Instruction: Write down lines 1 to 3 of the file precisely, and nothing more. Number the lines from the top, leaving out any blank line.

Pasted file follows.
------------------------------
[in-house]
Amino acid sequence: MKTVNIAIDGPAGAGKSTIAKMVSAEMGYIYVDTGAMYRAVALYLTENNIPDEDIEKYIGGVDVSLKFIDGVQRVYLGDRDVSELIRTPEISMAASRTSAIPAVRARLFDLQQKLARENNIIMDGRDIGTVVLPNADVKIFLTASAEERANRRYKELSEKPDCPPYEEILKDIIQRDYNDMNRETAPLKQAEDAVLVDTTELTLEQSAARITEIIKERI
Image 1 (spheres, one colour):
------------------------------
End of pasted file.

[in-house]
Amino acid sequence: MKTVNIAIDGPAGAGKSTIAKMVSAEMGYIYVDTGAMYRAVALYLTENNIPDEDIEKYIGGVDVSLKFIDGVQRVYLGDRDVSELIRTPEISMAASRTSAIPAVRARLFDLQQKLARENNIIMDGRDIGTVVLPNADVKIFLTASAEERANRRYKELSEKPDCPPYEEILKDIIQRDYNDMNRETAPLKQAEDAVLVDTTELTLEQSAARITEIIKERI
Image 1 (spheres, one colour):